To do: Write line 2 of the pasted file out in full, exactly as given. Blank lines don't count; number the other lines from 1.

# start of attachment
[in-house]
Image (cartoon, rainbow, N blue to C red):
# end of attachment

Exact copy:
Image (cartoon, rainbow, N blue to C red):